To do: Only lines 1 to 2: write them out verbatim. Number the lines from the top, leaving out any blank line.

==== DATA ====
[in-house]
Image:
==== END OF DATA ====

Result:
[in-house]
Image: